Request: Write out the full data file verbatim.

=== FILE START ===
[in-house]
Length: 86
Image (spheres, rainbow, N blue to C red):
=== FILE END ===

[in-house]
Length: 86
Image (spheres, rainbow, N blue to C red):